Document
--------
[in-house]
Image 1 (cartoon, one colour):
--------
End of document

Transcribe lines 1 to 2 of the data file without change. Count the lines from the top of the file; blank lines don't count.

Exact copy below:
[in-house]
Image 1 (cartoon, one colour):